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Sorrell v Sorrell [2005] EWHC 1717 (Fam)

Departure from yardstick of equality in ancillary relief award where ‘special contribution’ established.

Sorrell v Sorrell [2005] EWHC 1717 (Fam)

Family Division: Bennett J (29 July 2005)

Summary
Departure from yardstick of equality in ancillary relief award where 'special contribution' established.

Background
This was an ancillary relief application following the breakdown of the parties' marriage after more than 32 years. At the time of the divorce, the parties had amassed net assets valued in the region of £75 million.

The husband was a businessman and the wife had adopted the role of 'homemaker' during the course of the marriage. The husband had shown remarkable business acumen throughout his career. The main question to be answered was whether the assets should be divided equally between the husband and the wife, or whether the yardstick of equality should be departed from (and, if so, to what extent) on the ground that, notwithstanding that the wife had made as full a contribution as possible, the husband's contribution was exceptional.

The judge reviewed the relevant authorities, notably the following dicta of Thorpe LJ in Lambert v Lambert [2002] EWCA Civ 1685, [2003] 1 FLR 139, on which the husband sought to rely: 'given the infinite variety of fact and circumstance, I propose to mark time on a cautious acknowledgement that special contribution remains a legitimate possibility but only in exceptional circumstances'.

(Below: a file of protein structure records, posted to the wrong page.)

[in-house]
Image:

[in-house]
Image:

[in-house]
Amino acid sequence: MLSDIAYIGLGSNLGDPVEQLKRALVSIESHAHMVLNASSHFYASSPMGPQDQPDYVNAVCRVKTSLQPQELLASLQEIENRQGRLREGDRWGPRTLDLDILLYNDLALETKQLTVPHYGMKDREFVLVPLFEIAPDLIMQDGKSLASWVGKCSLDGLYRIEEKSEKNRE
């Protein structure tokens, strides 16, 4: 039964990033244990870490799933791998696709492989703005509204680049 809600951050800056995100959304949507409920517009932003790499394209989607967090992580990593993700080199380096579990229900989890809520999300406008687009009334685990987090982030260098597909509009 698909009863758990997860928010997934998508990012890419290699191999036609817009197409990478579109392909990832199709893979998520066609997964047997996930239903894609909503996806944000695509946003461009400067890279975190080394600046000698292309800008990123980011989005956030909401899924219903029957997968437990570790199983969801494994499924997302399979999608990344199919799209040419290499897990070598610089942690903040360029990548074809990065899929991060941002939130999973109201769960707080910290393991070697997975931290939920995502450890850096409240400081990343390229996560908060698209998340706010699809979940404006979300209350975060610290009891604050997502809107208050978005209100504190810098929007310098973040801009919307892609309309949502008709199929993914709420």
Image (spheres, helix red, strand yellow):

Findings
The judge considered that the evidence in the case raised the serious possibility that the husband's contribution was capable of coming within the concept of 'special contribution'. This was supported by the view expressed that the husband had achieved in his business career what few others have done, and he was regarded within his field and the wider business community as one of the most exceptional and most talented businessmen.

Accordingly, whilst litigants and their advisers could not expect routinely to run a case of 'special contribution' successfully, the issue needed to be addressed in each individual case on its merits: in this case, the husband's genius accounted for the vast majority of the family's assets, and deserved to be recognised by an order for a 60/40 split, as to ignore it would create an unfair outcome.

Read the full text of the judgment here